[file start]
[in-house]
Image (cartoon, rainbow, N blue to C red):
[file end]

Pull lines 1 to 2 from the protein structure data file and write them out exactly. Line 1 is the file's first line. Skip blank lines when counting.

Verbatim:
[in-house]
Image (cartoon, rainbow, N blue to C red):